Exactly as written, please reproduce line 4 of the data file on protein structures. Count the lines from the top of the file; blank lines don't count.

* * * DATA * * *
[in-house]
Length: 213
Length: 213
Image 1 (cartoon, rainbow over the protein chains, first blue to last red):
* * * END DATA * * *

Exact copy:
Image 1 (cartoon, rainbow over the protein chains, first blue to last red):